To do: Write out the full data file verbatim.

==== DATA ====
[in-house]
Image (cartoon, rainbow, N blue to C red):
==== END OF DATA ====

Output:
[in-house]
Image (cartoon, rainbow, N blue to C red):